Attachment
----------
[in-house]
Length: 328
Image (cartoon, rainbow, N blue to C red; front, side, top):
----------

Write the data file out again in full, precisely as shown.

[in-house]
Length: 328
Image (cartoon, rainbow, N blue to C red; front, side, top):